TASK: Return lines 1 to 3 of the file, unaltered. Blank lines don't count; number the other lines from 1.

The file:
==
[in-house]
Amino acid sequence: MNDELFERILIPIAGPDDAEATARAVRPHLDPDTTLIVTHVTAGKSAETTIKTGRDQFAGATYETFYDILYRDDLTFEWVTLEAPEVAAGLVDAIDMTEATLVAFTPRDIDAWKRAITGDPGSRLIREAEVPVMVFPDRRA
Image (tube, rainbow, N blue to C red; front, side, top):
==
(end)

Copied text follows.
[in-house]
Amino acid sequence: MNDELFERILIPIAGPDDAEATARAVRPHLDPDTTLIVTHVTAGKSAETTIKTGRDQFAGATYETFYDILYRDDLTFEWVTLEAPEVAAGLVDAIDMTEATLVAFTPRDIDAWKRAITGDPGSRLIREAEVPVMVFPDRRA
Image (tube, rainbow, N blue to C red; front, side, top):